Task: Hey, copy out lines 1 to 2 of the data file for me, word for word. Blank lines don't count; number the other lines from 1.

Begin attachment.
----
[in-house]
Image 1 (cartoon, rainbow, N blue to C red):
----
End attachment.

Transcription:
[in-house]
Image 1 (cartoon, rainbow, N blue to C red):